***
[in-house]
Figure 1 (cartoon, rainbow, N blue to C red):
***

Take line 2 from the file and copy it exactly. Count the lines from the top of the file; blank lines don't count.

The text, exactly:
Figure 1 (cartoon, rainbow, N blue to C red):